The Q&A Archives: Summer Squash

Question: The last few years, I've watched as my summer squash harvest has steadily fallen off. I've tried both crookneck and straight varieties but nothing seems to help. One year, powdery mildew was a concern. Please send some tips!

Answer: Let's start with some basics: Squash needs full sunshine and likes a soil that's well-amended with organic matter. Try spreading 4-6 inches of compost or aged manure over the garden, tilling it in, and then planting your squash seeds. Squash alsolikes lots of water during the summer. If your plants are not producing, perhaps they're not getting the sunlight and water they require. Another concern might be when you're planting. There are some varieties that require longer growing seasons than others. Try planting "Early Golden Summer" or "Peter Pan Hybrid". Both these varieties will mature in just 50 days. If powdery mildew is attacking your plants, they're not getting enough sunlight, or they're too crowded and there's not enough air circulation to keep the leaves healthy. Sometimes powdery mildew attacks the leaves of squash plants in the late fall when the plants have finished producing and the weather conditions are just right. Be sure to remove the diseased plant material from the garden before the powdery mildew can spread to other plants.<br><br>Hope your harvest is better next year!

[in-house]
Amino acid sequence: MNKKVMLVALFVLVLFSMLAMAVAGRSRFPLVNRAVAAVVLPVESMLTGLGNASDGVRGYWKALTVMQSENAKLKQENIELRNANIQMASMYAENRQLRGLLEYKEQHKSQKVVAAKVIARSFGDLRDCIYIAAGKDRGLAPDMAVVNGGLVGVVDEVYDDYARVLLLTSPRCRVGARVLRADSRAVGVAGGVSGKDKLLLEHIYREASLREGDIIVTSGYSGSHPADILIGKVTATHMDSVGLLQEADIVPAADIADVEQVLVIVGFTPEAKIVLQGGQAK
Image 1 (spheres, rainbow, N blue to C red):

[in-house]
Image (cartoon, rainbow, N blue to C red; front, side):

« Click to go to the homepage

» Ask a question of your own

Q&A Library Searching Tips

  • When singular and plural spellings differ, as in peony and peonies, try both.
  • Search terms are not case sensitive.

Today's site banner is by Marilyn and is called "Southern Comfort"